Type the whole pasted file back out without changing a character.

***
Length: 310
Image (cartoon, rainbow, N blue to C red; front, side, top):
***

Length: 310
Image (cartoon, rainbow, N blue to C red; front, side, top):